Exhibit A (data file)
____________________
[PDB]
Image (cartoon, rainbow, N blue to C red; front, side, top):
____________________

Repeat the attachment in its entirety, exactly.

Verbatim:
[PDB]
Image (cartoon, rainbow, N blue to C red; front, side, top):